Mr Farage was the leader of the UK Independence Party until he famously quit after the 2016 Leave vote.
However, he made a sensational return two years later to form the Brexit Party, which later became the Reform Party, as a reaction to the government’s negotiations with the European Union.
Now, it seems, he has finally had enough.
“There’s no going back - Brexit is done,” he told the Sunday Telegraph’s Chopper Politics podcast.
“That won’t be reversed. I know I’ve come back once or twice when people thought I’d gone, but this is it. It’s done. It’s over”.
Mr Farage said he didn’t want to play golf “four times a week followed by half a pint of bitter” but instead intended to campaign against China’s influence in the UK and what he called the “woke agenda”.
“I see our communities being divided more than ever by this agenda. And I’m very worried about it. I want to fight all those things,” he said.
“I have built up over these years quite a considerable social media platform. I’ve got reach. So I want to go on influencing the debate. I want to go on changing debate. But I can do that without going out and fighting elections”.
Mr Farage was originally a member of the Conservative Party but left after John Major signed the Maastricht Treaty in 1992, the foundation treaty of the European Union.
He married Gráinne Hayes in 1988 and the couple had two children, Samuel and Thomas, before divorcing in 1997.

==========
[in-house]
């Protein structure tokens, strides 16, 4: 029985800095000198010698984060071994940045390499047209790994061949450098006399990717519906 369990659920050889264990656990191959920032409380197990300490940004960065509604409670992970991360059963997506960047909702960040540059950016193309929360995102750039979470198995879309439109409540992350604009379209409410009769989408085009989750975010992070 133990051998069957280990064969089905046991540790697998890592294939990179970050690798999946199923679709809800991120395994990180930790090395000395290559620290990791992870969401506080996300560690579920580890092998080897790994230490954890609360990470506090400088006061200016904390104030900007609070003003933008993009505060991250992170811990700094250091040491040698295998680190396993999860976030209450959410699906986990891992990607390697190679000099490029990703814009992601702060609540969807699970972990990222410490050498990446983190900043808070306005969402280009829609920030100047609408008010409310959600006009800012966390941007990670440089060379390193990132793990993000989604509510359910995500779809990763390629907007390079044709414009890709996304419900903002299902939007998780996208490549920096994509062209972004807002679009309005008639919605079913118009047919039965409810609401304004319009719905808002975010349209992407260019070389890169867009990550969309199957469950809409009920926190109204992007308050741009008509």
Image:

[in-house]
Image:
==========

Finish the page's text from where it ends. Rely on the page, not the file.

The 56-year-old later married Kirsten Farage in 1992 and the pair had two children.
In 2017, Mrs Farage told the Press Association that the couple were living "separate lives" and that Mr Farage had "moved out of the family home a while ago".
Mr Farage told the Chopper Politics podcast “the really difficult bit” of politics was the “way it affects those close to you, your family, your children”.
In a video statement posted on Twitter on Saturday night, Mr Farage said Brexit had been his “life’s work” and had taken over “the best part of three decades” but now is the time to step away.
The news of Mr Farage’s departure from politics comes after Laurence Fox announced he is campaigning to be the next Mayor of London.
Mr Fox has also become an outspoken critic against so-called “wokeism” and said he is standing as mayor to “offer a voice to those who are being dominated into silence”.
The actor announced in September that he was launching a political party for the “reclamation” of British values.
His anti-woke Reclaim Party was approved by the Electoral Commission last month and he has previously spoken about his mission to oppose being “woke” for the “rest of his days”.
Mr Fox told the Telegraph that “public debate has been strangled”.
He referenced recent protests which saw campaigners call for statues, many of which are dedicated to famous Britons who profited from the Transatlantic slave trade, be removed.
Mr Fox said he was angered by the “disrespect being shown to the sacrifices made by previous generations to protect our values, tolerance and freedom”.
A businessman cannot force you to buy his product; if he makes a mistake, he suffers the consequences; if he fails, he takes the loss. If bureaucrat makes a mistake, you suffer the consequences; if he fails, he passes the loss on to you.